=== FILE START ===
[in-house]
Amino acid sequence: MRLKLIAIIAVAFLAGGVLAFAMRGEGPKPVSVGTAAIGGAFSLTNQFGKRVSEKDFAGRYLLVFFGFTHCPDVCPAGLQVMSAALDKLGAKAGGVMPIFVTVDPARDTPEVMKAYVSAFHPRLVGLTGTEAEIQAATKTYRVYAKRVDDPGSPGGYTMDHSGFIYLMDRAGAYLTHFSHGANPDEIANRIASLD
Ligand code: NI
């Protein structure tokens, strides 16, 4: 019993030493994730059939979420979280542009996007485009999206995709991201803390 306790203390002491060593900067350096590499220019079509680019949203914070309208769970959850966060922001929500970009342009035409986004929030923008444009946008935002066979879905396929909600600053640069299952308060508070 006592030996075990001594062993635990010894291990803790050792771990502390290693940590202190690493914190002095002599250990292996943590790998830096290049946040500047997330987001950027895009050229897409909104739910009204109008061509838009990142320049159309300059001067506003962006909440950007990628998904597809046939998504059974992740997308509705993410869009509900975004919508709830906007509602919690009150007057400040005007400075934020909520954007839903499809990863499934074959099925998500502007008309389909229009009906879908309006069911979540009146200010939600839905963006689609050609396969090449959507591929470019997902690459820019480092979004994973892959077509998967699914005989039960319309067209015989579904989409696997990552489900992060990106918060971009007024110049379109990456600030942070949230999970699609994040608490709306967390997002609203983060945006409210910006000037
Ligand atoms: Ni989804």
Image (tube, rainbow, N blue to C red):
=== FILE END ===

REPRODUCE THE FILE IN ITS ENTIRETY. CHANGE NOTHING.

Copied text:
[in-house]
Amino acid sequence: MRLKLIAIIAVAFLAGGVLAFAMRGEGPKPVSVGTAAIGGAFSLTNQFGKRVSEKDFAGRYLLVFFGFTHCPDVCPAGLQVMSAALDKLGAKAGGVMPIFVTVDPARDTPEVMKAYVSAFHPRLVGLTGTEAEIQAATKTYRVYAKRVDDPGSPGGYTMDHSGFIYLMDRAGAYLTHFSHGANPDEIANRIASLD
Ligand code: NI
């Protein structure tokens, strides 16, 4: 019993030493994730059939979420979280542009996007485009999206995709991201803390 306790203390002491060593900067350096590499220019079509680019949203914070309208769970959850966060922001929500970009342009035409986004929030923008444009946008935002066979879905396929909600600053640069299952308060508070 006592030996075990001594062993635990010894291990803790050792771990502390290693940590202190690493914190002095002599250990292996943590790998830096290049946040500047997330987001950027895009050229897409909104739910009204109008061509838009990142320049159309300059001067506003962006909440950007990628998904597809046939998504059974992740997308509705993410869009509900975004919508709830906007509602919690009150007057400040005007400075934020909520954007839903499809990863499934074959099925998500502007008309389909229009009906879908309006069911979540009146200010939600839905963006689609050609396969090449959507591929470019997902690459820019480092979004994973892959077509998967699914005989039960319309067209015989579904989409696997990552489900992060990106918060971009007024110049379109990456600030942070949230999970699609994040608490709306967390997002609203983060945006409210910006000037
Ligand atoms: Ni989804």
Image (tube, rainbow, N blue to C red):